For the past 20 years, the Multicultural Resource Center (MRC) has served as a gathering place to support historically disenfranchised communities. This semester, the office moved into a new space that will accommodate Director Toni Myers’ long-range vision for the MRC.
In August, the MRC relocated from its offices in the Student Union to a three-story residence at 187 North Professor Street. The house was previously known as International House and was occupied by a variety of groups.
With the new location comes increased study, lounge, and work spaces for student coordinators, a full kitchen for hosting events, and second-floor offices for the MRC’s professional staff. The space also gives the MRC room to hire additional student coordinators this year.
Myers says accessibility was one of the most important factors in considering a move.
“I had expressed in some of the long-term visioning for the MRC that we would grow both our professional and student staff associates. I wanted to think about how we could best utilize space on campus in general,” Myers says.
At the same time, Dean of Students Meredith Raimondo proposed that the MRC’s offices in Wilder Hall would be a good fit for the International Student Resource Center because the house had been under-used by international students.
“Given the opportunity to think about it and float it with my staff, we were initially very excited. But we also had to have really important conversations about accessibility and what it meant, given that our location in Wilder was far more accessible because there was an elevator and it was a single-floor space. So we had to be thoughtful and empathic when thinking about what would be necessary in making this house a place that felt equally if not more accessible to all students,” Myers says.
For that reason, indoor and outdoor wheelchair lifts will be installed by the end of the semester.
“I love that we’re expanding the accessibility footprint on campus, so not only will we have lifts and ADA-redesigned parking for folks who visit the MRC, but there are two floors with all-gender bathrooms—and we think that’s important,” Myers says.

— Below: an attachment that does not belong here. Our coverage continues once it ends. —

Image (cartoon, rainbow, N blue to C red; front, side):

Accessibility also means unifying the MRC staff. In Wilder, the MRC director had a separate office. For Myers, it was important to bring the director’s office under the same roof.
“Having an office among staff that also makes me accessible to students was a priority in the decision to move,” Myers says. There is so much functional space here that students can have tutoring sessions, engage in quiet study, or hang out in another lounge. We can accommodate everyone’s needs and use of the space.”
That extra space allows the MRC to hire four additional student workers for a total staff of eight. Those positions include social justice coordinators, who will work with Assistant Director Anna Phung to create social justice education curriculum for training and workshops; community outreach program assistants; an archivist and office manager; and a communications and marketing coordinator.
“We’re increasing opportunities for students from all backgrounds, but especially those who come from low-income and working-class backgrounds who support themselves in their education,” Myers says. “The fact that we can actually accommodate all of those students feels great.”